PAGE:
New machine learning model reduces the risk of detecting breast cancer

Breast cancer is the most prevalent cancer with the highest mortality rate. The speed of diagnosis and rapid detection decreases the severity of the disease. It is difficult to categorize breast cancer using histopathology photos that examine cells and tissues under a microscope – due to the nature of the data and inability to access large amounts of annotated data. Convolutional neural network (CNN) is a machine-learning technique that can detect breast cancer. However, it has shown promise.

Without any assurance these false predictions from CNN could lead to catastrophic outcomes. Researchers at Michigan Technological University have developed a machine-learning model that assesses the degree of uncertainty of CNN’s predictions. It classifies benign and malignant tumors, which reduces the risk.

In a paper that was recently published in the journal IEEE Transactions on Medical Imaging Mechanical engineering graduate students Ponkrshnan Thiagarajan and Pushkar Kharinar and Susanta Ghosh as assistant professor of mechanical engineering and machine-learning expert, describe their innovative probabilistic machine learning model, that is superior to similar models.

Machine learning algorithms that have been developed to date will still have uncertainty in their predictions. There is no way to quantify these uncertainties. Even if an algorithm informs us that a person is suffering from cancer, we do not know the degree of confidence in that prediction.”

Ponkrshnan Thiagarajan

Experience is the best way to gain confidence

In the medical context the uncertainty of knowing how reliable an algorithm is has made it difficult to rely on computer-generated predictions. The model described here is an extension of the Bayesian neural network – machine learning model that is able to evaluate an image and generate an output. The parameters of this model are considered to be random variables that allow for the quantification of uncertainty.

Michigan Tech’s model differentiates between positive and negative classes by analysing images. Images are at their simplest, collections of pixels. In addition to this classification, the model can determine the degree of uncertainty in its predictions.

In a medical laboratory the model could provide time savings by classifying images faster than an experienced lab tech. And, because the model can assess its own level of certainty and make recommendations on images to a human expert when it is not confident.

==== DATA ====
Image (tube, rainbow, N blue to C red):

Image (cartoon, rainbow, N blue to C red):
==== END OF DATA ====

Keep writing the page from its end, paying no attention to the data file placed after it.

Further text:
What is the reason an engineer from mechanical engineering creating algorithms for medical professionals? Thiagarajan’s idea was sparked when he first began making use of machine learning to cut the time required for solving mechanical engineering problems. Whether a computation examines the deformation of building materials or determines if someone is suffering from breast cancer, it’s crucial to know the uncertainties of the computation -; the key ideas remain the same.

“Breast cancer is one of the cancers with the highest mortality and incidence,” Thiagarajan said. “We believe that this is an exciting problem where better algorithms can have an an impact on people’s lives directly.”

Next steps

After their research has been published The researchers will now expand the model to include multiclass classification of breast cancer. Their aim will be to identify cancer subtypes, in addition to classifying benign and malignant tissues. The model is able to be expanded to include other medical diagnoses, even though it was developed from breast cancer histopathology images.

Ghosh stated that machine learning-based classification models can offer a lot but their predictions are not without uncertainty because of the inherent randomness of data and biases. “Our research attempts to address these issues and quantifying and analyzes the uncertainty.

Ultimately, Thiagarajan, Khairnar and Ghosh’s own model – that can determine whether images have low or high measures of uncertainty and identify instances where images require the attention of a medical professional; represents the next steps in the field of machine learning.

Journal reference:

Thiagarajan (P.), and. (2021). Explanation of Uncertainty derived from Bayesian Neural Network Classesifiers for Breast Histopathology Photographs. IEEE Transactions on Medical Imaging.

Content Source:

Gemma Wilson

Gemma is a journalism graduate with keen interest in covering business news – specifically startups. She has as a keen eye for technologies and has predicted quite a few successful startups over the last couple of years.

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